security warrior 2.0 by kim jones

Kim Jones recently had a wonderful article talking about Building Security Warrior 2.0. I really liked his points and bullet items. I don’t think this is the whole answer, but it’s a very good one.

1. Defense Alone Is Not Enough – I’m not sure this is a really new point, but he does tie this in later on with how we’re shifting from governance and programmatic defense over to being able to think like an attacker on a technical level. It’s one thing to just play defense, but another to start anticipating the moves and weaknesses. That said, he’s also correct to walk this back a bit; it’s not about a security team attacking attackers (or would-be attackers), but it’s about thinking like them. And maybe, if you have a large enough organization that is a big enough target, to actually keep a finger near the pulse of parts of the attacker industry.

2. Security Is An Interdisciplinary Problem. – This times ten, although I do think he left off a bullet item in the list: Systems administration fundamentals. He lists network and app disciplines, but leaves out the system level. Anyway, it’s true otherwise. Some roles in security really are high level communication and leadership positions, while others are in-the-trenches technical ones. But there is almost always some level of upwards tendencies for all security people these days. You may be helping on a project with other teams at or above your pay grade or assisting with an incident that involves people *way* above your pay grade, and the ability to communicate and understand a wide range of security topics is important. This is why I find it harder to coach brand new employees out of college looking to get into security; often (not always) people should get some other sort of IT experience under their belt before sliding over into security, in my opinion. I suppose there are entry level SOC/NOC types of positions, but for anything above that, having some other fundamental skill specialties is really awesome.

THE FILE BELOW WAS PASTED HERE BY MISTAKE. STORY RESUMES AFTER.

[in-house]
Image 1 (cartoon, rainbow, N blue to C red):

3. We Need To Bring Back Critical Thinking. – This sort of goes without saying. Security professionals are fighting a game of innovation and discovery, and doing so across all functions of IT and across other non-IT functions. This means you need critical thinking skills that put you in and out of the box at all times. Often, security can be brought into project planning or operations incidents largely due to their wide and deep expertise and critical thinking skills, even if the issue at hand is not strictly a security one.

4. You Do Not Have The Option Not To Communicate. – Pretty much echoes points made above, but it’s nice to separate this out. As a security person, you’ll *have* to communicate to some degree, since security is (almost) always about making things a little harder (but more secure) for users and data and customers internal or external. Now, this doesn’t mean everyone in security needs to be able to talk and play golf with the CEO or be buddy-buddy with executive leadership. You just need to be able to talk to your audience, technical and non-technical, to get things done and understood. (Honestly, this is a key point for any level of IT support these days. You get every level of employee or boss that may come to you on any given day…)

5. Reality Matters. – Definitely this. Theory and book smarts and unrealistic research only goes so far. I definitely encourage anyone new in security to get their hands dirty, whether it’s with security topics, network/systems/app work, or sitting along for capture the flag competitions or shadowing current professionals. Security is not just technical, but it’s also part creativity and part gut feeling.

6. Information Assurance (IA) and Cybersecurity are Neither Synonymous not Mutually Exclusive. – Jones starts to get into some terminology here and this is where we tie back into the very first bullet point about programmatic governance and technical aptitude for attacks. I really like this line, “Part of that [pendulum swing towards IA] result…has been the increased volume and severity of data exposures, combined with the erroneous labeling of suck attacks as ‘sophisticated.'” Too many of these attacks are not sophisticated. Now, that’s a huge topic in itself…

Jones finishes the article with a list of attributes for the Security Warrior 2.0, and they really read like any security job description should start out. I think this is a really good foundational goal for anyone coming into security or looking to square their shoulders up again to where we’re headed.

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